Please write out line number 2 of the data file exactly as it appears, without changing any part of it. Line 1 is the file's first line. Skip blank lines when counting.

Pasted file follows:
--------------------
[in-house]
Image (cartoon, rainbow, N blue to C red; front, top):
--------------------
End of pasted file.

Image (cartoon, rainbow, N blue to C red; front, top):